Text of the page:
“It does seem to me, Dick,” Er
nest Wayne said fretfully, “that you
would show a little interest in what
is happening here.” Ernest, tall and
thin, did not look entirely well he
wore gold-rimmed glasses, which
did not seem to be strong enough
for his purpose, and when kent up
late he developed a peaked look. “I
don’t suppose,” he complained,
“that you realize you’ve kept us
waiting here almost four hours. We
held dinner for you a full thirty
Dick sighed and sat down. “If I
weren’t interested I wouldn’t be in
Honolulu at all,” he said. “Now,
please try not to get all excited,
“You don’t realize the seriousness
of the situation, Dick,” Willard said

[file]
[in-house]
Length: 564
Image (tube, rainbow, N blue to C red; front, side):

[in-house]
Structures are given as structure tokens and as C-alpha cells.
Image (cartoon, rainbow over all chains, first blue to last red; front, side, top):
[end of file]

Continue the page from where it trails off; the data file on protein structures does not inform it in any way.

heavily, without heat. “This thing
is critical in the extreme—perhaps
even desperate. Uncle Jim can’t
seem to "understand that he is not
invulnerable. He has delayed, and
“You think he’ll lose his shirt?”
His two brothers stared at him.
“It's unbelievable,” Willard said at
last. “You sit there and ask if we
will lose the case much as you might
ask if it were going to rain. The
island of Alakoa has been a family
possession for more than twenty
years everything we have in the
world is tied up in it. Uncle Jim
has given the best of his life to
building it into what it is today. And
now we stand to lose it, you sit
there just as nonchalant as—as—”
“As a hog on ice,” Dick suggest
ed. ‘As a duck with its eyelids,
so he with his nose—’
He rested his head upon the back
of his chair, half closed his eyes,
and tried not to think about his
“As I understand it from your let
ters,” he said now, “the complaint
is that when our mutual father
bought the island of Alakoa from
Garrett Waterson he practically
cheated the old boy out of his eye
teeth—is that the story?”